For previous chapters click here Chapter 1, Chapter 2, Chapter 3, Chapter 4, Chapter 5, Chapter 6
First Glimpses of Americana
After five days of sailing on the ss Bremen we reached New York City on Wednesday, January 16, 1963. I was overcome by the thought of finally landing in America. I could see the skyline from a distance as the ship made a slow approach to the pier: a thick conglomeration of tall, grey buildings packed next to each other. I could not spare more time on the deck as I had to return to my cabin to get ready to disembark. Other passengers were also doing the same. I followed the directions provided by the crew and made sure I had all the documents required to pass through customs. After customs I had to finish the last leg of my journey: a bus ride to Norman, Oklahoma.
We anchored at Pier 88 on the City’s west side. I was looking forward, with great anticipation, to seeing if America was as I had read about in brochures and seen in movies. I was expecting a world altogether different from the one I had left behind in India. I wondered if it was some magical place like in science fiction, highly efficient and technologically advanced. Soon I was to face the reality.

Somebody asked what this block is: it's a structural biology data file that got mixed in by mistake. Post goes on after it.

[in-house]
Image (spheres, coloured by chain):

I went through the immigration checkpoint with no major hurdles. When I came out I saw an area that looked like a covered parking lot. Among a group of people I noticed a man holding a piece of cardboard with a hand-written one dollar sign. He was of medium height, slightly heavy with brown skin and long unkempt black hair. He wore wrinkled white cotton pants and a dark brown, waist-length winter coat. I had no idea where the bus terminal was and how to get there. The man with the dollar sign appeared friendly and was offering a ride to the 40th street Port Authority bus terminal. When I saw a few passengers gathering around him I figured that he was reliable. I paid him a dollar from the money I had converted in Bombay, which he stuffed in his pocket. He waited until he had a group together and took us to the bus terminal in his van.